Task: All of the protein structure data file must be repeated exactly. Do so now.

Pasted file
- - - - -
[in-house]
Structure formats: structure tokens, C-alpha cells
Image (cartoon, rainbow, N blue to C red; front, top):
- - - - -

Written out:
[in-house]
Structure formats: structure tokens, C-alpha cells
Image (cartoon, rainbow, N blue to C red; front, top):